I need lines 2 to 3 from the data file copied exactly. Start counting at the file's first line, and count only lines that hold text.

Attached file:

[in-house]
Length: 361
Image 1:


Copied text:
Length: 361
Image 1: